a woman doing laundry, with her palo-palo upraised I’ve been interested in real-world weapons for some time, the type of weapons you would pick up if you got jumped a la Jason Bourne, and had to snatch something off the kitchen table or office desk to save your butt. A common belief in the FMA is that you can take any short stick move and just apply it to anything you pick up. As I’ve shown previously, it’s nonsensical to do a series of striking moves like the Inside move depicted in the video above, with a screwdriver. If I have a screwdriver, I’m going into knife moves, and even then I have to realize that I can’t cut, so I’m limited to thrusting and striking with the butt. The weapon dictates the techniques that I can do, and which techniques are more likely to be successful. On the other hand, if I try to wield the palo-palo like a screwdriver, with more than 90% thrusts, I will also be unsuccessful. It has been my discovery that almost nothing handles like the classic eskrima stick. Real-world weapons are often tools, and tools are heavy because they’re designed to take punishment. I’ve come to believe that it’s best to recognize certain categories of impromptu weapons, and train to use techniques for those groups, such as puncture weapons, including pens, pencils, screwdrivers, tire gauges, meat thermometers, etc. A puncture weapon stabs, but it doesn’t cut.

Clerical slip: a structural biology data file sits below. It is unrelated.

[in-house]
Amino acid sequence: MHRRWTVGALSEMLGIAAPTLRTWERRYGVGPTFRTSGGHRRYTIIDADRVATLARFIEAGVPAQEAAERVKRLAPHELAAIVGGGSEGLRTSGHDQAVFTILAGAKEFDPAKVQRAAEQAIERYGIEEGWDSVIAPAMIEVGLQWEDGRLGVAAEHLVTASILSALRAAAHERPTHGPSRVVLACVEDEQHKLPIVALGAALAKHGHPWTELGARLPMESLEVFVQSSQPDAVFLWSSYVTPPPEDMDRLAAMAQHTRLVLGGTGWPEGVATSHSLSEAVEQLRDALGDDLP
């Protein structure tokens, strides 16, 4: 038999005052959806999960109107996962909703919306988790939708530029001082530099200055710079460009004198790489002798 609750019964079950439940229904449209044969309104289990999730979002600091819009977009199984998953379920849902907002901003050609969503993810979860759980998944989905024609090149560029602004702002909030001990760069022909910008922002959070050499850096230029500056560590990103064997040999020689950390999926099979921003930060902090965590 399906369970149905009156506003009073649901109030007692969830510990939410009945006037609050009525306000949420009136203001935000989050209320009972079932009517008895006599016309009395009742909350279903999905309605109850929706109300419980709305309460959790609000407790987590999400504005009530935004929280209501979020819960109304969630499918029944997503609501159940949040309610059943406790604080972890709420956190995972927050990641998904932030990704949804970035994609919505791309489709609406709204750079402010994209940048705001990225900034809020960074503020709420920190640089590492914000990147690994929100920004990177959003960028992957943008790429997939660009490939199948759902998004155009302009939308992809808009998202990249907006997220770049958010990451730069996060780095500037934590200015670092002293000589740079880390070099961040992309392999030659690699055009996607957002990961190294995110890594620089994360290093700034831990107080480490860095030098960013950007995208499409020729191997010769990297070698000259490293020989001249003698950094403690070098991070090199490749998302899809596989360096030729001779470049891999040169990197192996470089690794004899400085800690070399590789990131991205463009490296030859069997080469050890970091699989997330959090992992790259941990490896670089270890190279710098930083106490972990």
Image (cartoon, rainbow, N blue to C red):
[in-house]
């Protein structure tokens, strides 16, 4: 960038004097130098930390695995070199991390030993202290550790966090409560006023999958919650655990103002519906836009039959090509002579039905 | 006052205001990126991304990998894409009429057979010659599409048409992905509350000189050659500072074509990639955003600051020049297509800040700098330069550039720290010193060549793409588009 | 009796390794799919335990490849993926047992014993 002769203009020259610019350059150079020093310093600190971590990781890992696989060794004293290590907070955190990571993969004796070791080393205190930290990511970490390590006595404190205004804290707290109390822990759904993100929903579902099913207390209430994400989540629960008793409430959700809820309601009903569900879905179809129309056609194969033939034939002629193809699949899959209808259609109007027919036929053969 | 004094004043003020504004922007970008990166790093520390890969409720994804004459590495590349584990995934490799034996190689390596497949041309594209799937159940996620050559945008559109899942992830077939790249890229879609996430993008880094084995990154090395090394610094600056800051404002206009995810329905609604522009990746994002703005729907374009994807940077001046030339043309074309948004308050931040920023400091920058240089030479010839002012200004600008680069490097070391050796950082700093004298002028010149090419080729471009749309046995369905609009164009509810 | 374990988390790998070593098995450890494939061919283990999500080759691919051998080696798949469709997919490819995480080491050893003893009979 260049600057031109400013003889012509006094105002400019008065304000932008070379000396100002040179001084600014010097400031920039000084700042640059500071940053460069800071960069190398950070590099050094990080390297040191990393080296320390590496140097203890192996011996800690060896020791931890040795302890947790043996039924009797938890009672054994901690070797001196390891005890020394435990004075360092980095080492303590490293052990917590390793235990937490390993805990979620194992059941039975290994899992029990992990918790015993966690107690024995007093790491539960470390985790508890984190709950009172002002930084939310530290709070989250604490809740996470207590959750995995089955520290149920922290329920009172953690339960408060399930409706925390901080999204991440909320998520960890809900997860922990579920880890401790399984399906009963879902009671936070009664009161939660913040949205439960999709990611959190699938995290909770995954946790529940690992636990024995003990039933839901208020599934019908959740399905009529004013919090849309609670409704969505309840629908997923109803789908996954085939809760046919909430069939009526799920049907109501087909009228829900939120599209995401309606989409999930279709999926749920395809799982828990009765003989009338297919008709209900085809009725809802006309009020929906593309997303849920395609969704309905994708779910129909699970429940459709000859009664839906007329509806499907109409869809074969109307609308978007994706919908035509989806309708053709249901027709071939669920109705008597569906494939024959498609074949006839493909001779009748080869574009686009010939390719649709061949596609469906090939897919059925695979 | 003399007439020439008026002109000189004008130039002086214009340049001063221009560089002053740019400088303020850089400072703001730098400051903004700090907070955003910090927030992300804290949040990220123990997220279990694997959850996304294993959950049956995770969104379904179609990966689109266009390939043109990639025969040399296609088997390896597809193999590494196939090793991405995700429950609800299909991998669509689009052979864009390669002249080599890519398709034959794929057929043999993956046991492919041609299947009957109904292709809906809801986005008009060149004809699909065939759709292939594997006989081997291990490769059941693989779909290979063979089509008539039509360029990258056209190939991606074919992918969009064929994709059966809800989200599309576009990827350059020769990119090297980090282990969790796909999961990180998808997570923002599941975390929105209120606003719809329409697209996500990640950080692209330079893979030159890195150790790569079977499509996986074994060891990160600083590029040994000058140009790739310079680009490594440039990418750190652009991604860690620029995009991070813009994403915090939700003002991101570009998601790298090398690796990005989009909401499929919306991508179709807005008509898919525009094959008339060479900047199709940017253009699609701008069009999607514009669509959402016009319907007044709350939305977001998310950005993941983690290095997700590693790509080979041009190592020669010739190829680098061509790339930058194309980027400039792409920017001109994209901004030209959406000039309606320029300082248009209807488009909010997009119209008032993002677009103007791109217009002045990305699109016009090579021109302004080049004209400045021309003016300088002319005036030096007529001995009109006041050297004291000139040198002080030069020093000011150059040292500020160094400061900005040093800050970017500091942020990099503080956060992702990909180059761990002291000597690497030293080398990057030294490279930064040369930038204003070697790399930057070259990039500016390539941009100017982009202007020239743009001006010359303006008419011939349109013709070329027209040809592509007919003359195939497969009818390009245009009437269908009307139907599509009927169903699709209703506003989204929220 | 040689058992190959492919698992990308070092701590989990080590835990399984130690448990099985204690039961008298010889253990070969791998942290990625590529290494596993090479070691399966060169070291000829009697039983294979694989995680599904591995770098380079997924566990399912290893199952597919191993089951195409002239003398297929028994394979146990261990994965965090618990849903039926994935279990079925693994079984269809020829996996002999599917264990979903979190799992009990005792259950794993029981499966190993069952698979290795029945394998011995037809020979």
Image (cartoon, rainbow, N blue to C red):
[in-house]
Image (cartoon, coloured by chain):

The palo-palo falls under the category of a club, which includes impromptu weapons like tire thumpers, bottles, some flashlights, etc. But then I realize it’s best used like the old-school police sap. One of the principal rules of the sap is to strike with the flat face of the sap against bone, and to chop with the thin edge against muscle groups. A frying pan would also fall into this category of weapon.
Extraído de bigstickcombat.
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